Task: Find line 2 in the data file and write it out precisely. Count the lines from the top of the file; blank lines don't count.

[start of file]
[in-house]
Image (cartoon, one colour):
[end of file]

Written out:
Image (cartoon, one colour):